As this blog is also dedicated to those current and recent grad students seeking to dive headfirst into development, humanitarian and education work, I thought that this blog post I came across was worth passing along to our readers.
Last week, WhyDev blogger, AidSource co-founder, and author of “Disastrous Passion: A Humanitarian Romance Novel” (next on my ever-expanding reading list) “J.” (the elusive name only adds to the amusement and contemplation provoked by the post) recently wrote a piece on WhyDev about the myth of “the field.” Piggybacking off a recent rant on AidSpeak concerning the murky definition and romantic delusions about the obsession development workers have with working in “the field,” J. comments on the perpetual mystique and intrigue of this broadly defined place in international development and humanitarian work that young adventure-thirsty jobseekers like myself so often discuss as the place they feel they belong. J. comments on years of experience in development work, roughly a 50/50 split between international and HQ roles, and regards the two ostensibly unique placements within the development world to be remarkably similar. As the AidSpeak post highlights:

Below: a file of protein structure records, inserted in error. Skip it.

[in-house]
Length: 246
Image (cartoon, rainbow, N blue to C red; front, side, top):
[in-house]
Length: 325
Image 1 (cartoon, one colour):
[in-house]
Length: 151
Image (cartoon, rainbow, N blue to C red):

Work in HQ: Go to meetings. Stare at a computer screen. Send email messages. Occasionally visit project sites and talk to beneficiaries. Be responsive to the needs of donors.
Work in “The Field”: Go to meetings. Stare at a computer screen. Send email messages. Occasionally visit project sites and talk to beneficiaries. Be responsive to the needs of donors. Have a housing allowance. Awesome Facebook updates.